When the German forces were on the borders of France during World War II, its Prime Minister Paul Reynaud sacked his army chief and made a 73-year-old veteran of the first war as the new supreme commander of French forces.
Maxime Weygand, the new commander, was brought out of retirement because the French government believed his past exploits, experience and reputation would help France fight the Germans.
Weygand proved to be a disaster. His plan to fight the advancing Germans backfired and France was forced to sign an armistice.
Is Kiran Bedi turning out to be the Weygand of the battle for Delhi?
The signs are ominous. Bedi's election rallies are not attracting big crowds (according to media reports less than a hundred people attended some of her recent meetings); Arvind Kejriwal is racing ahead in pre-poll surveys, the AAP has an almost 10 percent lead over the BJP; and Amit Shah has been forced to come up with a Plan C, which relies more on Narendra Modi and other party seniors and less on Bedi.
On Wednesday, the BJP decided to send its army of Cabinet ministers into the warzone to campaign for the party. FINANCE minister Arun Jaitley has been deputed to oversee the campaign and senior ministers have been asked to deal with Kejriwal's charges and accusations. In addition, Modi will himself slog in Delhi over the next few days to resuscitate the campaign.
When Bedi, like Weygand was brought out of retirement, it was argued that she is the BJP's plan B and the party would float to victory on the wings of her charisma and past glory. Within the party, the argument was that it was a masterstroke to ensure that the Delhi election doesn't turn into a Modi vs Kejriwal fight.
It is too early to write off Bedi and only the results would tell us if the Bedi Brahmastra turned out to be mere wet gunpowder. But it is evident that the BJP is replacing, perhaps buttressing, Plan B with yet another strategy and is not willing to leave the fight to Bedi.
Bedi has many advantages: instant recall value, image of a tough, honest officer and her achievements, some of which are genuinely inspiring. But she seems to have lost a bit of the support she enjoyed over the past few days, indicating that Bedi has not lived up to the expectations or the euphoria surrounding her political debut.
According to the ABP-Nielsen survey, her popularity ratings are down by four percent when compared with the results in the second week of January. The beneficiary is Kejriwal, whose ratings have gone up four per cent.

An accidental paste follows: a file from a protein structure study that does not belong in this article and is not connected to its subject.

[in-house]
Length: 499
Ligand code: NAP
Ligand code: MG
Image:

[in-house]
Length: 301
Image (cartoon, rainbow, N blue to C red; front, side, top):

Many factors may have led to the decline in her popularity. Her meek responses to sharp questions from the media, inability to set the poll agenda or attract big crowds and the tactical blunder of running away from a debate and a direct electoral clash with Kejriwal may have been contrary to her image of a brave fighter.
Her ideological confusion (pro or anti Modi) and transgressions (won't join parties whose FUNDING is not transparent) and the intense scrutiny of her past may have further taken some sheen off Bedi. Stripped of some of her halo, she is now sliding down on the popularity charts.
To give credit to Bedi, she may have actually been thrust into the campaign too late. Like Sushma Swaraj, who was made the face of the Delhi BJP just a few months before the Delhi Assembly elections in 1999, Bedi may have been left with very little time to understand the game, devise her strategy and implement it.
The rapid decline in the fortunes of the Congress isn't helping Bedi either. It is apparent that with the Congress being edged out of the contest, its traditional voters-Muslims, dalits and other religious minorities-are queuing up behind Kejriwal. An Economic Times report based on a CSDS survey confirmed the trend when it predicted that the AAP may win almost all the seats where Muslim vote is decisive.
Only a few months ago, the BJP appeared to be the front-runner in the Delhi polls with surveys predicting a clear majority for the party. But, like the French who carried on a 'phoney' war against the Germans for months, convinced that its defences were too strong, the BJP too gave its rival a lot of time to launch his attack.
Like Weygand, even Bedi is in danger of losing both the battle and her glory.